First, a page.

IT Matters: Optimizing radiation therapy plans with AI

IT Matters: Optimizing radiation therapy plans with AI

October 02, 2018
Artificial Intelligence
From the October 2018 issue of HealthCare Business News magazine
Aaron Babier, a Ph.D. candidate at University of Toronto, and his team have developed a new method for AI to optimize radiation therapy plans. While AI has been used for optimization previously, Babier is taking a new approach.

The inspiration struck nearly two years ago. Babier said there was an optimization method that provided an output a clinician could use in their current treatment planning pipeline. “We knew that we could get those parameters if we had dose volume histogram curves, which are basically high-level representations of a treatment plan,” he said. “We did a bit more digging in the literature and found there were a lot of methods that would predict these high-level treatment plan features.”

After the team modified the features, they were able to get predictions for the target as well as the healthy tissues. Combining that information with their optimization method allowed for the creation of an optimization pipeline. “So the things we developed were based on the bag and query method and this generalized PCA (principal components analysis) approach, which was based on previous work,” Babier explained.

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Babier was inspired to get into the field of cancer treatment after his stepmother passed away from cancer when he was 12. His interest in optimization and machine learning developed later, but ultimately led him to the idea of automated treatment planning.

Studying the field of automated planning, Babier realized that many of the current automated pipelines overhaul current planning paradigms. He realized there was an opportunity for a new method to be adopted if a higher level of control could be given back to clinicians since, he said, the current programs don’t allow clinicians to change the plans in an intuitive manner. “Our program can almost work like a black box behind the scenes of the current planning method and it can basically be a plug-in to a framework that clinicians are familiar with,” he said.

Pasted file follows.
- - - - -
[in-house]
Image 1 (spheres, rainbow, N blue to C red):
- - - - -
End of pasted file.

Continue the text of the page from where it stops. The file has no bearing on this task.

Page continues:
Essentially, Babier’s method isn’t looking to reinvent the wheel. Instead, it’s looking to add some rubber to the treads to help clinicians get more control of their plans in a way that provides support, but isn’t overbearing.

The team focused on throat cancer for their research because, as Babier explained, they wanted to study a cancer treatment plan that would be relatively complex, while having a heterogeneous patient population – or a cohort which looked very different from each other. The complexity comes in part from healthy tissue often overlapping the target area, “so it’s not as intuitive on how you should be planning for certain cases. We wanted to pick a site where the patients are very different so we could use the machine learning to predict the trade-off the clinician would normally make before the clinician looked at the plan. We chose head and neck because the trade-offs are quite variable between the patients,” Babier said.

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